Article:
Now, I know that some of you will think of me as a "wilderness wuss" what with my finding wildness in a Japanese Garden or a city street. So, in my defense, have a look at my about the death of a polar bear. I'm deep in the arctic, for heaven's sake. More polar bears than people up there! (See Polar Bear post.)
So I know and cherish many places that are way, way "out there" on Roderick Nash's scale of wilderness saturation levels in Wilderness and the American Mind. But that said, I claim two points for my argument that I was in the wilderness when I saw this evening sky from a Spokane street.
Before I make my case, here is the scene I am writing about:
1) As Roderick Nash contends there is a spectrum of wildernesses ranging from way out there to not out there at all, and as I have argued in an earlier post, clouds are a form of wildness -- often beautiful, sometimes threatening, never by-us controlled. Moreover, the entire universe whether out in other planets and galaxies or right hear on earth is pretty wild. Our cities are kinds of "pods" in the midst of nature. Mark Watney in "The Martian" had his "hab" and his rover and his suit as his pods on an otherwise uninhabitable planet. Our pods, whether individual houses or giant cities, are far more elaborate and are surrounded by air we can actually breathe and temperatures we can actually endure. But we still life our lives in the midst of natural processes that we only partially control. Those impressive clouds over Spokane are a reminder of the natural world.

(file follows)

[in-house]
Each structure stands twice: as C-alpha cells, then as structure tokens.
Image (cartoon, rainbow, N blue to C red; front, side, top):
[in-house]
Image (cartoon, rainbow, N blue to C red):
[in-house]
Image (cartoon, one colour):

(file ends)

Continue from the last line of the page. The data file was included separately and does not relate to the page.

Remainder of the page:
2) Measuring wilderness is also a matter of measuring our receptiveness to the natural world. I have been in a crowd looking at a waterfall in the Grand Tetons and experienced a lot more of the noisy crowd there than felt the presence of the actual falls. And I have seen a hawk flying over my house that made me, in that moment, stand in awe of the natural world. It's subjective. What are our receptors are receiving. And on that evening when I took this picture, I was much more sensing the wonder of the natural world than focusing on those concrete and glass walls.
My conclusion: wildness, Mother Nature, wilderness -- call it what you will -- we live in the midst of it and our awe-struck awareness of this fact comes upon us in National Parks and Arctic landscapes, but it is not a "tame lion" and sometimes it visits us in unexpected ways.
So be awake and aware -- and enjoy the journey!
Click here to view a complete list of entries on the American Realities blog...
(You know you want to!)
If you enjoyed this article you may enjoy these other articles about Parks and Mother Nature:
• New York's Central Park: A Wilderness?
• The Japanese Garden at the Hotel New Otani -- an Exercise in "Parkology"